Postgraduate Training Makes the Difference

All oral and maxillofacial surgeons attend 4 years of dental school and are awarded a dental degree. After dental school, the oral and maxillofacial surgeon completes a specialty residency lasting 4-6 years, depending on the institution attended. The residency positions are competitive, and typically accept candidates who graduate at the top of their dental school class. This is similar to the residency programs completed by medical doctors after medical school that undertake specialty training, for example orthopedic or ENT surgery.

The oral and maxillofacial surgery residency includes exposure to most or all of the medical disciplines, including anesthesia, surgery, medicine, pediatrics, ear, nose and throat; and plastic surgery, to name a few. Surgical procedures relative to the teeth, jaws, and face are learned in addition to general medical and surgical principles. Effectively, the oral and maxillofacial surgeon becomes a blend of a dentist and a physician, with dental training to treat tooth related problems, but medical and surgical training, to meet surgical needs that extend beyond the teeth but are related to the jaws and face.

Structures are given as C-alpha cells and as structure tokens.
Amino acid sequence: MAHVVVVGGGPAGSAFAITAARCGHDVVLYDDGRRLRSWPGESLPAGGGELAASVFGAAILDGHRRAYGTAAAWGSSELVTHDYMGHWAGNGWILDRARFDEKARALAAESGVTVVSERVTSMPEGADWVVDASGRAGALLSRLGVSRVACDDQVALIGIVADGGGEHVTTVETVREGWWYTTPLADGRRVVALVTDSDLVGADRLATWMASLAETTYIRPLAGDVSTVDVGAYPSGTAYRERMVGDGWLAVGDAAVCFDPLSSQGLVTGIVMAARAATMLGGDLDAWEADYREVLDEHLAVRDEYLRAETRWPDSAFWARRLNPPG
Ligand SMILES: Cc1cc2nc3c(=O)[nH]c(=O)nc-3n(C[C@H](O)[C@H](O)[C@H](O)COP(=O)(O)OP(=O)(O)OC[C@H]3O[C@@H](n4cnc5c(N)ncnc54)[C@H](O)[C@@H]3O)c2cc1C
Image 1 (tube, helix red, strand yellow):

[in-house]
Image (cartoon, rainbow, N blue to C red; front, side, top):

This training uniquely qualifies the oral and maxillofacial surgeon in the management of routine and complex tooth removal, facial and dental infection, facial injuries, diseases of the jaws, mouth and teeth, reconstructive surgery of the jaws and face, replacement of teeth with dental implants, and in the management of jaw joint problems. These treatments can be performed in both office or hospital settings, depending on the patient’s needs.